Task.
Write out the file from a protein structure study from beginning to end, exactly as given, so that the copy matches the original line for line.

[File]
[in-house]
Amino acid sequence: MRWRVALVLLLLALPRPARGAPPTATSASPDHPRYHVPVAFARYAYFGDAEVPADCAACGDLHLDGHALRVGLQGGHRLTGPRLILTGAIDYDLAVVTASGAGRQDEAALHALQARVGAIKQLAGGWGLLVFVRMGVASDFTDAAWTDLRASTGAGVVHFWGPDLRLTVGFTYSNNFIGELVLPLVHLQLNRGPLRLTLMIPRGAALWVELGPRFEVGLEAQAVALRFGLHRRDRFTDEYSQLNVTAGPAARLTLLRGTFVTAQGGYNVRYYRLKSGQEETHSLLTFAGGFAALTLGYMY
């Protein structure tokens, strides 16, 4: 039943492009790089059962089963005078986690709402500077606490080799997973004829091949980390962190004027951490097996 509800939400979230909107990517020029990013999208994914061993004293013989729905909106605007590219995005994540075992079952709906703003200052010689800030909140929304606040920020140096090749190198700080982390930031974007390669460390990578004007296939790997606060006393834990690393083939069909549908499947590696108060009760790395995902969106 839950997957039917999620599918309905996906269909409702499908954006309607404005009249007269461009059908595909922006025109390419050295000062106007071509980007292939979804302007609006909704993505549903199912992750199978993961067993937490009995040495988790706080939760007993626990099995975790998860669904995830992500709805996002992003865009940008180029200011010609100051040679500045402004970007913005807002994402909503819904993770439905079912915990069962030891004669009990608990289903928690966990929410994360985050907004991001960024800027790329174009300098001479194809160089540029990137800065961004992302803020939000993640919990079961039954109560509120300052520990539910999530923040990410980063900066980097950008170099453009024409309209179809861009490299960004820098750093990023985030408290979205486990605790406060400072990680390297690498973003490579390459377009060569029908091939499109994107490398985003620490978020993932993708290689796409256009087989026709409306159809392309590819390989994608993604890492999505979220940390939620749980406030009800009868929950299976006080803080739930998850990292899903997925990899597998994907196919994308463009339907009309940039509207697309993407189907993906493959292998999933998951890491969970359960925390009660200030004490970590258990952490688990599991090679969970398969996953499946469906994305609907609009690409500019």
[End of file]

[in-house]
Amino acid sequence: MRWRVALVLLLLALPRPARGAPPTATSASPDHPRYHVPVAFARYAYFGDAEVPADCAACGDLHLDGHALRVGLQGGHRLTGPRLILTGAIDYDLAVVTASGAGRQDEAALHALQARVGAIKQLAGGWGLLVFVRMGVASDFTDAAWTDLRASTGAGVVHFWGPDLRLTVGFTYSNNFIGELVLPLVHLQLNRGPLRLTLMIPRGAALWVELGPRFEVGLEAQAVALRFGLHRRDRFTDEYSQLNVTAGPAARLTLLRGTFVTAQGGYNVRYYRLKSGQEETHSLLTFAGGFAALTLGYMY
């Protein structure tokens, strides 16, 4: 039943492009790089059962089963005078986690709402500077606490080799997973004829091949980390962190004027951490097996 509800939400979230909107990517020029990013999208994914061993004293013989729905909106605007590219995005994540075992079952709906703003200052010689800030909140929304606040920020140096090749190198700080982390930031974007390669460390990578004007296939790997606060006393834990690393083939069909549908499947590696108060009760790395995902969106 839950997957039917999620599918309905996906269909409702499908954006309607404005009249007269461009059908595909922006025109390419050295000062106007071509980007292939979804302007609006909704993505549903199912992750199978993961067993937490009995040495988790706080939760007993626990099995975790998860669904995830992500709805996002992003865009940008180029200011010609100051040679500045402004970007913005807002994402909503819904993770439905079912915990069962030891004669009990608990289903928690966990929410994360985050907004991001960024800027790329174009300098001479194809160089540029990137800065961004992302803020939000993640919990079961039954109560509120300052520990539910999530923040990410980063900066980097950008170099453009024409309209179809861009490299960004820098750093990023985030408290979205486990605790406060400072990680390297690498973003490579390459377009060569029908091939499109994107490398985003620490978020993932993708290689796409256009087989026709409306159809392309590819390989994608993604890492999505979220940390939620749980406030009800009868929950299976006080803080739930998850990292899903997925990899597998994907196919994308463009339907009309940039509207697309993407189907993906493959292998999933998951890491969970359960925390009660200030004490970590258990952490688990599991090679969970398969996953499946469906994305609907609009690409500019």